One last Standing "O," Chris!

    Prayers for him where he is now, and for comfort for all of his loved ones here.

    Sincerely,
    – Fellow Player Craig
    (Wichman)

  2. I'm in tears at this news. We acted together in "Rosencrantz & Guildenstern" when I was 15. At 16, he directed me in "Left-Handed Liberty" and then we both went on to Carnegie Mellon and acted together in several shows. We both moved to NYC but lost touch, though I did see him in a show and was so proud. My mom's nickname for him (as I mentioned him so often) was 'Christmas Hale.'
    He was, to me, larger than life, and a gifted, kind person.

    “Now cracks a noble heart. Good night, sweet prince, and flights of angels sing thee to thy rest.”

  3. Chris & I acted together in several plays at Mt Lebanon High School including my first one ever, Zoo Story by Edward Albee. It was always a pleasure to work on stage with someone as talented and as giving, to other actors as Chris was. My condolences to his family.

  4. Chris and I became friends and colleagues at Mount Lebanon High School in the suburbs of Pittsburgh. He was always Larger than Life but kinder and gentler than most people I have known. He coached me he guided me he encouraged me he directed me and I am honored to have known him. We lost touch over all these years and but occasionally I'd see him in a film or a show and I was so proud of his work and the person he was to me and others around me. My heart goes out to his family and friends.

  5. I'm so saddened to hear this. I was in Thespian's with Chris at Mt. Lebanon High School. I loved how he could bring his characters to life on the stage. He always appreciated the behind the scene workers (make up, scenery, stage managing etc.)as well as his fellow actors. He had a great sense of humor and a wonderful announcing voice. Such a successful career! Rest in peace Chris. You've left a mark on many lives. Prayers to his family and friends.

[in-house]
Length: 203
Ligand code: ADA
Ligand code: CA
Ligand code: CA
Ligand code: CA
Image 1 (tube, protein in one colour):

6. My heart goes out to all of Chris's family for the too soon loss of a kind and talented man. I knew Chris at Carnegie-Mellon so many years ago. He took my movement class and we became friends. I was always quite impressed with the seriousness with which he took his art, his kindness to all members of the cast and crew, and his sense of humor. I lost track of him for many years as we lived on opposite coasts, but a mutual friend. Catherine McNeal, called to tell me he was performing at the Magic Theatre in San Francisco. We attended his show and once again, still, he was an impressive actor. Afterwards we gathered to reminisce and I noted to myself that he carried the seriousness of his art all through these years. He was a dedicated artist. And a smart and kind human being with a smile I shall never forget. He will be missed.

  7. Farewell, Christopher Ian McHale, my dear Guildenstern. Thank you for your kindness, generosity and brilliance, way back in 1971, when, as seniors at Mt. Lebanon High School, we shared our moment in the lights, me as Ros and you as Guil. Still now, more than 50 years hence, just conjuring memories of that time never fails to stir me and elicit a smile. The type of huge, irrepressible, triumpant smile we gave each other from the wings that night as we waited to take our bows. Take a final bow, my friend. Well played.

    Bruce Ian Favish

  8. Just suddenly was thinking of Christopher- Chris – and saw this. I had many a wonderful date with him drinking beers at the Cedar Tavern, among others. He always drank Guinness, I always drank Corona with a lime.

    Rest easy, Chris. xxx

    Olivia Keister